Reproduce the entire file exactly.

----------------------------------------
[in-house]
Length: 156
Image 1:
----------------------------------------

[in-house]
Length: 156
Image 1: